It might seem counterintuitive, but creativity loves rules.

Getting yourself jazzed up with a “the sky’s the limit attitude” can actually be crippling. Overwhelmed by options and paralyzed by indecision, you’re more likely to spin your wheels rather than have a eureka moment. On the other hand, boundaries (even artificial ones) can force your brain to invent ingenious ways to work within them.

One of my absolute favorite examples of creativity through confinement is Rene Redzepi’s restaurant, Noma. Located in Copenhagen, Denmark, it’s currently recognized as the second best restaurant in the world. Redzepi only cooks with Nordic ingredients, mostly sourced from within a small radius around the restaurant. Since I don’t think I can top the ankle weights metaphor, I’ll let the New York Times handle this one: Continue Reading

Phantom Calories, Channing Tatum and Our Families: Why We Love Thanksgiving

Aside from the Fourth of July, Thanksgiving is as American as it gets. We look past our differences and all awareness of personal space and we're grateful for everyone and everything – especially the fact that the 4,500 calories we just consumed won't actually count because Thanksgiving is magical like that.

Do not question it. Just eat more pie. 

For a whole day, we could almost pass for one of those perfect families in the Hallmark holiday movies. You know, the ones that suck you in even though it’s already half way over and stars all the actors you’ve never heard of. Oh, and Candace Cameron Bure. While mildly entertaining and perfect for lulling you into an afternoon nap, Hallmark movies just don’t do justice to the insanity that’s bound to ensue. Which is why we love Publix’s Thanksgiving commercial. Because turkeys do burn, the little people will knock over every full glass of sweet tea and someone is always bound to lick the spoon that’s being used to serve the sweet potato casserole. So take a moment to enjoy some of our favorite Thanksgiving memories – both the wonderful and the wonderfully messy. Continue Reading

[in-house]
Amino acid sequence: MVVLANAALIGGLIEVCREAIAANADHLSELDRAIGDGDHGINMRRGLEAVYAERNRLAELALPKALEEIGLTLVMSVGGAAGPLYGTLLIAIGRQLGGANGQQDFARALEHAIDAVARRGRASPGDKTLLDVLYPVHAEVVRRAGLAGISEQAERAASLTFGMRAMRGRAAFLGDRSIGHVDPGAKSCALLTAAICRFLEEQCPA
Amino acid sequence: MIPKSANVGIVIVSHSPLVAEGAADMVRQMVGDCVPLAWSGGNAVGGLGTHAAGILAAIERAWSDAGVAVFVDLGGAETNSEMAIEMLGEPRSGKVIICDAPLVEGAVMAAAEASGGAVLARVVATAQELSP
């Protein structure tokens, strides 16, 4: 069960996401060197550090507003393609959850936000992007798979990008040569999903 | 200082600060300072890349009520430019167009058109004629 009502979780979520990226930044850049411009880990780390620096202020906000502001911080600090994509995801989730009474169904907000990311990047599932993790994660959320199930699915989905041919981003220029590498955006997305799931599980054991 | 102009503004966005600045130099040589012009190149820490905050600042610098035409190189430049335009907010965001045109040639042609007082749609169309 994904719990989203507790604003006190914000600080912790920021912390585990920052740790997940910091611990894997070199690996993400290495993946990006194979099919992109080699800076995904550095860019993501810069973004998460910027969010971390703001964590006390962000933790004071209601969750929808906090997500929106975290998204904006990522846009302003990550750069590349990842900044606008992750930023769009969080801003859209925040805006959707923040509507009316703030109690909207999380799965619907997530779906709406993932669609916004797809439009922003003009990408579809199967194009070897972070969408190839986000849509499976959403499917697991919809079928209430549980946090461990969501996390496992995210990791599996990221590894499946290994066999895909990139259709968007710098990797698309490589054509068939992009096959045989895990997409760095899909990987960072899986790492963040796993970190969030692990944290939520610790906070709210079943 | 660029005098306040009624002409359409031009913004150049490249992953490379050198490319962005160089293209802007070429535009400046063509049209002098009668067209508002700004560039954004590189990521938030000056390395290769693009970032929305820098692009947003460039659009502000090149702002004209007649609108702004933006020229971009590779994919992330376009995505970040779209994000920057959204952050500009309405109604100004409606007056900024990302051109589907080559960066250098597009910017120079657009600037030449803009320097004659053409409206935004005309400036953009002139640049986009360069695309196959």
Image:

Campaign physics: Solve the smallest space first.

Or maybe you’d rather try to stuff an elephant into a teacup? That could get smelly and you’ll definitely throw out your back.